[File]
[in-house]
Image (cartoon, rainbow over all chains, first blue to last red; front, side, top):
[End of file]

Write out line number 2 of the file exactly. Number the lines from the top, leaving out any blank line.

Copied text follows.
Image (cartoon, rainbow over all chains, first blue to last red; front, side, top):